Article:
at some point, whether in this world or the next. Forgiveness means that I don’t
walk around carrying anger or resentment toward them.

I have been able to forgive my mother for ignoring and enabling the abuse.
I realize that her choices which hurt me so badly were her own limitations,
her own need to survive, and had nothing to do with me.  I believe that she
did the best she could at the time, and that she still is.

I have been able to forgive my siblings and relatives for cutting me off.
I cannot judge each of their abilities, and responsibility toward me. I choose to
believe that each one is doing what they believe is the right thing for them at this time.
I have no idea what they have been told about me, and what they believe.
I choose not to judge. I do not need them to be any different.
I choose to stay connected in my heart.

I noticed some time ago, and with some amazement, that I have even been
able to forgive my family's rabbi, who I was most enraged with, and most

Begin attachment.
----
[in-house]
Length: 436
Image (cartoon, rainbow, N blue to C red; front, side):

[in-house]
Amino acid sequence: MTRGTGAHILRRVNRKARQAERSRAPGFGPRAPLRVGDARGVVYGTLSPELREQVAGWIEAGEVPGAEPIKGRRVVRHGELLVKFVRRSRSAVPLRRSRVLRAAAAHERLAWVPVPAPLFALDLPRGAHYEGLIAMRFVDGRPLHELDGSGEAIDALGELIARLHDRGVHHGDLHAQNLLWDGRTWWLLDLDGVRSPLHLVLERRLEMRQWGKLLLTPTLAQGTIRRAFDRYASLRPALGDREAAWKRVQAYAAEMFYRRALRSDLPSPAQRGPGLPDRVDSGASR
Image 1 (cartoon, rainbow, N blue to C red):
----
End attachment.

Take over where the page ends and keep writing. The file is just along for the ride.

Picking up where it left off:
hurt by, who advised my family to cut me off if I don’t keep the abuse a secret.
 I did not need or expect myself to forgive what he did. That was not in the equation.
What he did was horrific. He knew that my family would take his advice as the word of God. Accountability is between him and God as I have let go of needing him to be
or do anything different. I do not harbor resentment toward him. I accept the reality,
and believe that God allowed this to happen for a good reason.

I have been able to forgive God as I understand Him. I trust that God allowed
all of the above people to do what they did to me only because in his infinite
wisdom He knew that in the long term the outcome
would be positive. God knew that I would come away from the agony
and suffering a stronger, wiser, more compassionate and loving human being.